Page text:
Fight against Corruption Must Continue, Deputy Secretary-General Tells High-Level Panel on Accountability, Transparency, Sustainable Development

9 July 2012

Fight against Corruption Must Continue, Deputy Secretary-General Tells High-Level Panel on Accountability, Transparency, Sustainable Development

9 July 2012
Deputy Secretary-General
Department of Public Information • News and Media Division • New York

Fight against Corruption Must Continue, Deputy Secretary-General Tells High-Level


Panel on Accountability, Transparency, Sustainable Development


Following are UN Deputy Secretary-General Jan Eliasson’s opening remarks at the Economic and Social Council high-level panel on accountability, transparency and sustainable development, in New York on 9 July:

I am honoured to participate in this panel, and to bring greetings from the Secretary-General, who is on his way back from Japan.  I feel very much at home with you as former Vice-President of the Economic and Social Council.

Before I talk about the fight against corruption — which is the main focus of today’s event — I would like to say a few words about sustainable development, accountability and transparency.

Last month, the Rio+20 Conference renewed the global commitment to building a future based on greater prosperity and equitable growth for all on a healthy planet.  We must listen to this call for change.  Declarations must be followed by action.

We live in a time of protracted and interrelated crises — such as food, fuel and energy — as well as fiscal and economic conditions that threaten to slow down or even reverse our advances towards the Millennium Development Goals.  The global partnership for development is under strain.  Last year, official development assistance declined for the first time in many years.

Strong commitments were made at Rio+20.  For these pledges to be credible, we have to deliver on previous commitments.  As a world community, we must make rhetoric a reality and keep our promises to achieve the Millennium Development Goals.  We still have three and a half years to go of hard work.

We also need to be accountable and transparent.  That is why the Integrated Implementation Framework was launched in June.  The Framework is accessible to anyone in the world; it is a dedicated resource to monitor commitments made by all Member States — donor and recipient countries — to help meet the Millennium Development Goals in the spirit of mutual accountability.

No society — no social contract — can function without honesty, without trust.  That is why we demand accountability from donors, recipients and partners.  And that is why we must continue to wage a serious fight against corruption.  Corruption is a threat to sustainable development and the moral fibre of societies.  We cannot stop, for instance, illegal logging, wanton pollution or the sale of stolen or counterfeit drugs on street markets while corruption persists.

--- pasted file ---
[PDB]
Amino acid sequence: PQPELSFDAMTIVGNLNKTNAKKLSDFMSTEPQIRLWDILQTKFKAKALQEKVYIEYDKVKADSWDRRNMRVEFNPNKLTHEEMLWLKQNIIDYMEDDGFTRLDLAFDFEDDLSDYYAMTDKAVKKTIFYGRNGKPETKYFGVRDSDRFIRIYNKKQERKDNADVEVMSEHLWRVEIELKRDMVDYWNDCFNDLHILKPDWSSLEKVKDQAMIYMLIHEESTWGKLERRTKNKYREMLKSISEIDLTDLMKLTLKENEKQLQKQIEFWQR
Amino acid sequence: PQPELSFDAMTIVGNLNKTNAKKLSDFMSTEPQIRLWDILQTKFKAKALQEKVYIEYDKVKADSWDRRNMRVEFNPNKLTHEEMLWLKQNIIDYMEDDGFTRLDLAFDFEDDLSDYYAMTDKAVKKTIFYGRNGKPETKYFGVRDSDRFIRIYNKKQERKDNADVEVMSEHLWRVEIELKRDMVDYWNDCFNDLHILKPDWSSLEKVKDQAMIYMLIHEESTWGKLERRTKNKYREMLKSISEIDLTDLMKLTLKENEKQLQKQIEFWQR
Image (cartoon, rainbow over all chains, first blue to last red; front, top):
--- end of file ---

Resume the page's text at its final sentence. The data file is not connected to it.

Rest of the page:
This challenge is vital for the United Nations and every nation.  If transparency and accountability offer hope, corruption, their polar opposite, offers only despair and fear to millions of people.  Corruption is a crime, but it is also the lubricant for other crimes.  And almost always, and ultimately, the primary victims are the poor.

Corruption may rest at the top, but it rapidly trickles down, undermining societies, leaving the message that nothing can be done without a bribe.  Fighting corruption at the national and international levels has to be a priority for Governments and the international community.  One of our most important tools is the United Nations Convention against Corruption.  One hundred and sixty countries have ratified or acceded to the Convention.  I encourage all to do so — and, of course, to live up to the Convention.

The work against corruption is even more important in weak and fragile countries — some just emerging from conflict — where the rule of law and institutions are still vulnerable.  When desperately needed development funds are stolen or squandered, men, women and children are robbed of education, health care and essential services.

It is therefore vital that Governments include anti-corruption measures in all national development programmes.  We recommend that Governments take advantage of measures under the Convention against Corruption to prevent the transfer abroad of stolen assets and to assist in the recovery and return of such assets to their countries of origin.

We also appeal to the private sector, through initiatives such as the Global Compact, to help eliminate corruption which distorts markets, increases costs and punishes consumers — all of us.  The private sector is an increasingly important partner in global poverty reduction and development efforts.  It has a key role in fighting corruption and creating a more transparent global economy.

Civil society is also pivotal.  Public engagement and participation is fundamental for building accountable, transparent societies.  And special attention needs to be devoted to empowering women to help keep their societies honest.  It is far too often women who pay the price for corruption in their daily life.

In one way or another, corruption affects us all.  It is a poison in the bloodstream of our societies.  Today’s debate is a step on the road towards building effective strategies to combat corruption.  But if we are to deliver solutions, we need political commitment at the highest levels, as well as a culture of honesty and trust.

Working with Secretary-General Ban Ki-moon, I intend to ensure that the fight against corruption, and the promotion of transparency and accountability, will be fully addressed as we articulate the post‑2015 development agenda.

I wish you a productive and successful meeting.

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For information media • not an official record
For information media. Not an official record.